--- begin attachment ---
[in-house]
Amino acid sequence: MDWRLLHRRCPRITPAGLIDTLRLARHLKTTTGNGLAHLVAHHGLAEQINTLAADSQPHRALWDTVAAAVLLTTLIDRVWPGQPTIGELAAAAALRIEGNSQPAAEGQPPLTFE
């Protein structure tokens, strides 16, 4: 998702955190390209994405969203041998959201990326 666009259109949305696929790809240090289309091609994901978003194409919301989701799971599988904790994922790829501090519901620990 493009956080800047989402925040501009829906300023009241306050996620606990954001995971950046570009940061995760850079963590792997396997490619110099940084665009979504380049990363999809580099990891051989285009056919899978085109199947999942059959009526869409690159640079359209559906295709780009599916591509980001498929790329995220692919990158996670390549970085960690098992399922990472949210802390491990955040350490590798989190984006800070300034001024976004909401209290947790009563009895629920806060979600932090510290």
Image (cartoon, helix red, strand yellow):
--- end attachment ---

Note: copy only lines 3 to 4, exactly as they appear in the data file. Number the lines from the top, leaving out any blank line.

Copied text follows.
């Protein structure tokens, strides 16, 4: 998702955190390209994405969203041998959201990326 666009259109949305696929790809240090289309091609994901978003194409919301989701799971599988904790994922790829501090519901620990 493009956080800047989402925040501009829906300023009241306050996620606990954001995971950046570009940061995760850079963590792997396997490619110099940084665009979504380049990363999809580099990891051989285009056919899978085109199947999942059959009526869409690159640079359209559906295709780009599916591509980001498929790329995220692919990158996670390549970085960690098992399922990472949210802390491990955040350490590798989190984006800070300034001024976004909401209290947790009563009895629920806060979600932090510290």
Image (cartoon, helix red, strand yellow):